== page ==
(The scene starts at 9:50 )  I really like seeing Mary Beth Evans have something with some depth to play, and I think Casey Moss does well too.  I like how JJ starts off saying “I already know but I need to hear from you” then moves to the last ditch “He was just saying that to get Alamain, right?” then softens for a moment as he seems to recognize this is hard on her, then shouting “we’re not okay!” and stomping out.

I like that Kayla doesn’t go into detail about the circumstances, and certainly doesn’t excuse or justify him, but she clearly does want to convey a little bit of the complexity of it:  “I did something to hurt your dad … “

I also like that it doesn’t help, because it wouldn’t.

The other danger for the show in using the past, especially the past from 25 years ago, is the high likelihood of getting something wrong.  When Steve and Kayla came back in 2006, there were a couple of references to the past that they got wrong.  At a dinner when Steve still had amnesia, they made a big deal about how he didn’t like the fancy food that Kayla cooked for him, and he referred to himself as a “meat and potatoes” guy.  They were trying to show the distance between them, which was great, but one of the details about Steve that I always particularly liked was that he was a gourmand.  It’s similar to the fact that Kayla, of the two of them, was the sexual aggressor:  these character traits helped to mix up the stereotypes of the good girl/bad boy storyline, and make each character unique.  Another mistake I remember is when Adrienne visited Steve in the psych ward during the “crazy Steve” story, she referred to his past with Duke and Jo, and said that Duke “beat you and your baby brother Billy.”  Actually Duke only abused Jo, and that was key to the whole story.  It gave credence to Steve’s feeling that she gave up Steve because she chose Duke over him and Billy, and not that she was protecting them from Duke.  It was also an important aspect of Steve’s character that he tried to kill Duke for Jo’s sake, not his own.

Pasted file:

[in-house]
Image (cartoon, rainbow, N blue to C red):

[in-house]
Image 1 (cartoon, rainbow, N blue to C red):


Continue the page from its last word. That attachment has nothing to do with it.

You can argue that these are minor, and they are.  And if I had been confident in between times that my characters were in good hands, I think I would have brushed them off more easily.

That kind of mistake doesn’t happen here, at least not that I could tell.  I liked how they weaved a mention of Lawrence into the reveal.  I’m not sure I believe that Jen would keep a transcript from Lawrence’s trial laying around, and even more that JJ would know it and know exactly where it was.  But I still liked it.  It’s a great way to string out the reveal for JJ, and isolate him when he finds out the truth.  Plus it adds richness to the use of the past.  (I also take it as a personal shout out to me, given what I’m watching now!)